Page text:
Messerschmitt 262 in particular). General Galland, the A.O. for Fighters
put this point of view at this time when he said he would rather have one
Me, 262 than five Me, 109*s.
The translation which follows contains extracts from the verbatim reports
of the Figjiter Staff conferences, with particular reference to the effect
of Allied air attacks. These reports are part of the collection of Milch
documents which were captiired at the end of the War

Tremendous contributions. Danke schoen!
Und...

Arte.png
 
This document in the link gives you a very good idea how the reasoning for simplifying aircraft industry came about. It wasnt only Speer.
One could get the odeur of mismanagement and amateurs.
Interesting read. I found myself both agreeing and sharply disagreeing with some of the foundation premises of his arguements.

Would be interested in the resume of the primary author.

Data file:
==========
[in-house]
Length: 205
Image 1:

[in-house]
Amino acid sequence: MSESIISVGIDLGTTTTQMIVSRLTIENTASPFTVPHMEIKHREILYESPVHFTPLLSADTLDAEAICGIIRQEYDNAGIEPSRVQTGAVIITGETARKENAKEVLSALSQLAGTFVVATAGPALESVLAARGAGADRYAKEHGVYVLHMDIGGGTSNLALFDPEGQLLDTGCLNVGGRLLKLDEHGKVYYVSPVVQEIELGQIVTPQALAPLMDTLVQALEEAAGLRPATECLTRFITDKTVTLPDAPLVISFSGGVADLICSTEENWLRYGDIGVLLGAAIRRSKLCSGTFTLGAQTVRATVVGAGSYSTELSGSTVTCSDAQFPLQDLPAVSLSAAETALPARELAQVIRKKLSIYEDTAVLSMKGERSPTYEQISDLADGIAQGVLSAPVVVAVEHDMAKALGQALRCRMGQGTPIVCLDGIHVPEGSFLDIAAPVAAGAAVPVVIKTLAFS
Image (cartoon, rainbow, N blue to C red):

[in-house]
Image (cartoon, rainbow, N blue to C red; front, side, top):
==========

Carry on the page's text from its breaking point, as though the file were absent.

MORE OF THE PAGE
To contrast the 'capital/capital directed' philosophy of Americans - versus the blatant criticisms the author directed to German leadership and chain of command to both industrial philosopy, weapons systems selection and allocation of resources - he clearly had no idea how that worked in the US.

It is easy to start at the very top to contrast Roosevelt vs Hitler. On one hand subordinates providing unwanted advice faced less severe consequences under Roosevelt.

From my persepctive two fundamenta differences apply to contrast against the author's narrative of Germany's leadership failures.

The US Joint Chiefs, despite political and philosophical differences regarding the relative 'importance' of the armed forces branch each led (Marshall, King and Arnold), worked together with a common goal. In this respect, they were each knowledgable regarding their force structure, each smart men, each politically astute relative to the necessity of 'salute and excute' to political nuances as Roosevelt and Churchill would agree affecting their own branch. But because they were each very smart leaders - and demonstrated competence - they were essentially unmolested by Roosevelt.